Reflection: 2016

If you’re looking strictly at numbers, 2016 has not been the best year in terms of reading for me. I didn’t meet my Goodreads challenge of 25 books, nor did I meet my personal challenge of reading 10 classics. I did, however, read what I wanted to read, when I wanted to read it, and I think that’s more important by far. In total I read 22 books, and I’m pleased to say that there was a larger variety in terms of genres than I initially thought.

Before I get into reviewing 2016 fully though, I thought I’d show the books that I was gifted this Christmas! I got three in total, and they all happen to be very beautiful…


This compilation of stories features all of Jane Austen’s major novels, and seeing as I planned to finish reading all of them in 2017 anyway, this was an excellent present! I also got given a guide to crystals, as I have become very invested in self-improvement and the natural world this year, and a gorgeous guide to Tolkien’s world.

Aaaand now on to some thoughts on my 2016 reading (and blogging) year. Because I’m a massive nerd for facts and statistics: I read 7975 pages worth of novels, and wrote 19,834 words worth of blog posts in 2016, which quite frankly is insane!


I thought long and hard about this one, but finally reached the conclusion that without a doubt, Outlander by Diana Gabaldon was the best book I read this year. I’ve not read a great deal of historical fiction in the past (pun not intended), and seeing as this series is hugely popular in bookish circles, I thought it was time to give it a shot. And I was not disappointed. The world building, the characters, the language, the context of 18th century Scotland… all of it made for a novel that I could barely put down. Interestingly, I’m finding the TV show hard work in comparison to the source material, but we’ll see how that goes.



This one is a tie between Everything, Everything by Nicola Yoon, and We Were Liars by E. Lockhart. Both shared a common theme: I didn’t care for any of the characters. I felt as though they were never developed and therefore it was difficult to feel passionately about them either way. Both also had anti-climactic endings in my opinion; especially Everything, Everything which ended far too abruptly with very little explanation.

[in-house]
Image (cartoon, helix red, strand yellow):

This was the easiest answer of all. I don’t think many characters could knock one of my absolute favourite characters of all time off the top spot, and after reading The Bane Chronicles this year, my choice was only confirmed. Magnus Bane is, without a doubt, one of the most developed and original characters I have ever read, and every single time I read content featuring him, he just glows a little brighter than everyone else (most of the time, literally as well).



One read I was particularly anticipating this year after having seen the film adaptation was Carol by Patricia Highsmith. I absolutely loved the film, but was incredibly disappointed to find that the novel didn’t compare. The plot seemed to move much more slowly, and the characters were nowhere near as likeable, coming across almost spiteful on most occasions. I almost always find myself preferring books to films; however this is one occasion that I would wholeheartedly recommend the film, and suggest that you make up your own mind with regards to the novel.


This one sounds ridiculous, because you could hardly consider her to be a ‘new’ author. But an author that I found a huge appreciation for that I had never read before this year would be Jane Austen. I read Northanger Abbey and Emma, and saw a theatre adaptation of Pride and Prejudice, and I completely fell in love. The amount of humour and social commentary she weaves into her narrative is astounding, and you constantly feel strongly towards every single one of her characters, whether it’s positive or negative. As I mentioned before, I really don’t rate novels in which the characters are underdeveloped or barely present, so part of the reason I love Austen’s work so much is because of the way she presents the strong personalities that move her otherwise stationary plotlines forward. I cannot wait to read more of her novels in 2017 – the first of which I think will have to be Pride and Prejudice!


Although I didn’t meet my reading challenge this year, I definitely intend to try again in 2017. My goals include:

– Reading 26 books (a book a fortnight – that’s achievable, I hope?!)

– Reading more diverse novels, in terms of both authors and characters

– Reading a novel in the magical realism genre (I’m always hearing about this, but have never read one!)

– Uploading a minimum of two blog posts per month

– Following and interacting with more bookish blogs

And that’s about it I think! I’m so proud of my book blogging corner of the world, and I want to thank anyone who has read, commented on, liked or followed my blog posts in the past year. I have had a wonderful time reading and writing down my thoughts, and I am looking forward to another year of doing just that. Let me know in the comments your bookish goals for the new year, as I’m fascinated to know.

First book for January: Empire of Storms by Sarah J. Maas

I wish everyone a happy and healthy 2017, and a highly successful year of reading!

– Bex

All of the books I read this year – minus the ones I had to take back to the library and the ones I gave away!

3 thoughts on “Reflection: 2016

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